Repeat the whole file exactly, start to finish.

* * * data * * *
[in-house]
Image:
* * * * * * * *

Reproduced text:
[in-house]
Image: